Once someone has been diagnosed with cancer, we know that there are some difficult days ahead. The journey does not have to be walked alone.

There are local services available to help make things easier for the person with cancer and their whānau. No matter where you are on the cancer pathway there is always someone to connect with for support.

He aha te mea nui o te ao?
He tāngata, he tāngata, he tāngata
What is the most important thing in the world?
It is the people, it is the people, it is the people.


The Cancer Kōrero booklet is written with Māori people in mind and includes sections on:

  • cancer definitions and terminology
  • how to reduce your risk of cancer
  • bowel screening
  • community supports.

Download the booklet here.

The Community Cancer Support brochures describe Kaupapa Māori cancer services in your region.

View the Community Cancer Support brochure for your area below:

Oncology patient Thomas Ngaruhe shares his chemotherapy experience at Nelson Hospital in this video, so that other people may feel more informed and confident about chemotherapy.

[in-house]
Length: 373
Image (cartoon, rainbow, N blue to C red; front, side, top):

An invitation to attend a community hui led Nelson Marlborough Health kaumātua, Archdeacon Andy Joseph, to his own diagnosis.

Andy arrived early, picked up a Cancer Kōrero booklet and as he read through a checklist of symptoms associated with prostate cancer tears welled up in his eyes. He realised he’d experienced them all in the past year.

Read Andy’s story here.

Former All Black Wayne 'Buck' Shelford shared his cancer journey at a Nelson event to raise awareness of prostate cancer and the importance of early detection.

Buck emphasised the need for men to get checked when they have any suspicions that something is not right in their body. He also spoke about the attitudes that generally keep men from going to their doctor and how this needs to change if men are to lead by example for their families.

Watch’s Buck’s presentation here: